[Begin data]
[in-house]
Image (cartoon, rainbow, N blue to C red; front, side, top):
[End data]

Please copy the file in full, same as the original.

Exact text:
[in-house]
Image (cartoon, rainbow, N blue to C red; front, side, top):